After watching the first two episodes of the much hyped new HBO series “Girls,” a one-woman success story of writing, directing, executive producing and acting by 25-year-old wunderkind Lena Dunham, I have an observation about her character I want to share and some advice: #blindinglyselfinvolved  #growupalready.

Actually, I’m not really sure whether Twitter hashtags fall on her millennial generation audience’s conversational spectrum.  In the premiere, Dunham’s character Hannah hears from her practical roommate Marnie, played by Allison Williams, that “on the totem of chat” the lowest form of communication is “Facebook, followed by gChat, then texting, then email, then phone.”

“Face to face is, of course, ideal,” she laments, “but it’s not of this time.”

Whether tweeting, texting or talking about it, what IS of this time, apparently, is mooching off of your parents as long as you possibly can.  Two post-college "girls" of the program’s title are in crisis as the pilot aired last week, one young woman’s dilemma is an unplanned and unwanted pregnancy, a condition far more easily resolved than Hannah’s, an intern at a literary magazine who believes she is “a voice of a generation.” Her catastrophe is her parents have declared that two years past graduation is long enough to  financially cover her “rent, cell phone, credit card” in New York, and consequently, while supportive of her fledgling writing aspirations, they will be providing “NO. MORE. MONEY.”

During the late 20th century, my generation of babyboomers more or less followed a path to adulthood that spanned a series of milestones.  The first achievement was finishing our formal education, and then entering the workforce. Commitment or marriage, along with leaving our parents’ home often came next, and by our mid-twenties many of us had completed the transition to full adulthood, by having and raising children of our own. 

Needless to say, we all experienced do-overs, restarts and edifying epiphanies as we refined our maturity and grew into our staid-ish seniority. Nonetheless, even though many of us are starting to note signposts of approaching dotage, we have not entirely crossed off our last milestone of adulthood, raising our children to their own unsteady self-sufficiency.   Despite our own rugged independence, our above-average children arrive at the marketplace with no money and nothing to sell but untested competence.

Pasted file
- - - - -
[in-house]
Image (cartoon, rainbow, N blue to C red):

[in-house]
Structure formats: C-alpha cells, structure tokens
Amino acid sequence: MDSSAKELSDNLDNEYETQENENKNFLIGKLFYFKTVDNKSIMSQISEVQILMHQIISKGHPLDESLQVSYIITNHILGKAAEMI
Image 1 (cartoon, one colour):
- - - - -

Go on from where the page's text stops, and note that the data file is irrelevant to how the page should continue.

They are grown, to be sure, and most are much better educated than we were at their age, but for reasons both economic and sociological they are nowhere as self-reliant as their parents were. 

Today half the young people in the US between 18 and 24 are still sleeping in their childhood bedrooms and the number of 25- to 34-year-olds living at home has increased by 139 percent since 1970.  According to “Not Quite Adults” a recent report by Dr. Richard Settersten and Barbara Ray, based on research conducted by a MacArthur Foundation research network, the long post-teen life phase of self-definition and experimentation lasts at least 10 years.   Much of it bankrolled by parents. 

The somewhat slower development of our boomeranging offspring is not all bad.  Many young people are progressing deliberatively by “getting building blocks in place for a successful career and putting off marriage and children until they get their lives in order” but the example of HBO’s “Girls” does not engender optimism.  

Maybe they should try to be more like their mothers?

Bonnie Goldstein is a writer in Washington. Follow her on Twitter at @KickedByAnAngel.